Iran: when a society is humiliated

“People can tolerate hardship, people can tolerate dictatorship but when they reach a point that they feel humiliated that’s when they can force change.”

This week I attended a lecture by a great Iranian whose name I will not mention for security reasons. The discussion was about Iran and the green movement. If you don’t know already, in June President Mahmoud Ahmadinejad (call him ‘ahmad in a jacket’ if you want to get his name right quickly like me) won what Ugandans would call another Kisanja (term) during the disputed presidential elections. Before the elections people had been generally free to canvass for votes and many Iranians believed even if he didn’t go, their vote for reform would be recognised. Ahmadinejad claimed a two-thirds majority and the protests against the election followed where many people were arrested some killed. Currently over 500 Iranians from all walks of life are still locked up in jails for taking part in the protest but this has not crashed the movement for change.

map of iran
Map of Iran from PBS.ORG

 

 

 

 

 

 

 

 

 

 

 

 

 

 

 

 

 

 

So from this lecture I got you what I thought was important quotes and highlights of the Iranian green movement.

First, it has been non-violent. It has no structured leadership for this would make it easy for the dictatorship to target the leaders and therefore somehow significantly crash the movement.

It has been embraced by Iranians from all walks of life. “It is not a student uprising neither is it about workers.”

Only 20 percent of the population are in favour of the current Islamic establishment but you can’t mistaken this movement to be about religion.

It has taken advantage of the new media age to use outlets like twitter, facebook and others to make their voices heard by the rest of the world.

The professor indicated that he was glad this movement is not happening overnight.

“The movement is now less visible than it was in the first two weeks after the elections. I am happy the reform is going on gradually, we don’t need it to be immediate because that will be violent thus taking us 30 years back.”

“It’s a protest that is affecting the core of government. The election was not the only issue. For the last 30 years nobody questioned the legitimacy of government but we see it now.”

On leadership: We know what we don’t want but we don’t know what we want. All factions are together but if you asked what kind of political system they want, there will be a difference, that’s why it’s good the movement is gradual. It gives a chance to get in touch with ordinary people and build awareness.

To foreigners: “the biggest help you can give us is do nothing. The US has been giving money for democracy promotion but Iran has money, that’s not what we want.”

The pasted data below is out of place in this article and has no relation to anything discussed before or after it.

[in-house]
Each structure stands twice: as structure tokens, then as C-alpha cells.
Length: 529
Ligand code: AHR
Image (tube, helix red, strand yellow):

His remarks on the impact of a non-violent all encampassing movement are very true becuase for places like uganda where a rebel leader (current president Museveni) took over power by force promising a fundamental change, they have largely returned to the same old corruption and political manupilation of the citizenry.

I was moved to write about this lectured because of the opening quote. Many Ugandans long for reform but there’s the inability for people to come together to demand for this. Thiss left thinking may be we haven’t yet felt the humiliation. And if that’s so when we will feel it?

Happy mango sellers

Dear mangoes and tomato roadside sellers, it’s been a few months since I left you and went outside countries like my people would say. I always think about my home but this week I was really tempted to write after reading about a film through the Guardian site. I love mangoes so much but I promise you weren’t really on mind when I decided to read this news article; I was just interested in news about just small part of the land. It was supposed to be about racial issues. I read keenly about this new documentary that was really shot during terrible times in one of your villages, is it called Zimbabwe? Yes Zim, as you romantically baptised it. I wanted an update on what the village chief, Robert Mugabe was up to these days. All the stories about land grabs from white people I have read and re-read and honestly I still don’t know how it came to this and how the village and the chief will find a real end but I was quite taken up along the way. This documentary maker was struggling to get ways of comparing life in the rest of the villages to Mugabe’s. If I remember well he tried to explain what happy people in the rest of land are really about. And he summed it up: “But in Zimbabwe, it (life) had stopped. It was not like in the rest of Africa, where you could have people selling mangoes and tomatoes on the roadside; it was like a country that had shut down.”

Pictures of roadside stalls in the city and on all major highways headed to the countryside came to mind. I was really amused at this person’s ability to compound happiness into mangoes and tomato selling. I tried to search for other things he could have pointed out not because the mango selling business is bad measurement but because I could name a million other things that we are better at and make us happy people. In the end this tired referencing about Africa tired me and wished he had just made his film and just kept quiet and let the pictures speak.

Kampala is set for African union meeting: will Bashir test the ICC waters?

Since The International Criminal Court issued indictments against Sudanese president Omar al- Bashir he has been reluctant to visit over 30 countries in Africa are signitories to the Rome statute.